Thursday, July 3, 2014


At fifteen, I drove with a friend, and his dad, to visit the dad’s sister for vacation in a working-class town on a large island. A day after we arrived at Auntie’s little rambler, we boarded a trawler for a fishing adventure. The captain, a friend of Auntie and a serious fisherman, boated us out to sea, where we couldn’t spot any land. He’d also taken along several other serious captains. We fished with long, sturdy poles that we baited with hunks of squid. We motored away from gaggles of shrieking seabirds. The fishermen sought ‘weakfish’—they aimed to compete for who caught the first, the most, the biggest. Everyone, even My Friend and The Dad started hauling weakfish onboard. All the captains resembled Ernest Hemingway, sporting big grizzly beards, stained with salt, over many seasons working the briny. I, myself, had only caught a tiny, suspicious red fish, which drew derisive cheers. “Hey,” I said, “it’s the reddest fish, and the smallest fish, and the least fish.” But then I registered a mighty tug, and, thinking I’d landed a muscle-bound weakfish, began reeling in the winner. Only, I hadn’t landed the winner. I’d landed the homeliest fish, with its horror movie teeth, skin like mud, and prehistoric cave markings. The hook had exited through one of the beast’s eyes. In fact, the eye was no longer attached to the fish, but that didn’t register, didn’t meter. The swimmer wanted more squid, maybe. He didn’t seem to mind our world, the world of a bright, airy, less humid sea. He breathed. The captains, collectively, could not place the creature. Tossing it into a watery bin, they vowed to identify it, on land, against a field guide. In the meantime, they noted, I’d caught the ugliest dang fish anyone had ever seen.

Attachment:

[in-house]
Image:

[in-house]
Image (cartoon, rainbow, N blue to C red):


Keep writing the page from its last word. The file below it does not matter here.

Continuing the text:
We returned in late afternoon, and Auntie asked Me and My Friend if we’d take her over to McDonald’s. She’d lost her husband to illness a year before, and struggled with the weight of his absence, but at the same time wore a big-brimmed hat and garrulous clothing. She repaired to the kitchen to prepare a drink for the ride. While we waited for her, I studied her husband’s Emmy award, which sat on the mantelpiece above the fireplace. I’d never seen an Emmy before. I kind of kicked myself, internally, for that thought. (“Who ever sees an Emmy before?” I asked myself.) The husband must’ve edited, or lighted, or scored. Auntie then appeared in the living room clutching a huge drink—a Cosmopolitan perhaps—in a large plastic glass. We helped her into the motorboat. The McDonald’s offered a boat-thru window. My friend operated the tiller, if that’s what you call the steering handle on the motor, while I navigated the waterway and other boating traffic. “I’m pretty looped!” Auntie declared, more than once. She had gulped most of her Cosmo. At one point, inexplicably, she stood upright in the boat, while it hummed toward McDonald’s (by then in sight) at a respectable clip. “Oooh!” she said, as she cartwheeled overboard, nearly capsizing the craft. She drifted underwater, her hat fastened to her chin on a strap. The day quietened. Very many seconds elapsed. I said, “Is she gone?” to My Friend. He was too tense to shrug. He kind of raised one shoulder, like a tic, when she reappeared, holding up the glass as if it still contained a Cosmo. “That first step is a real doozie!” she flubbered, as we tugged her into the motorboat. After we got home, My Friend and I threw rocks at some dudes down at the beach.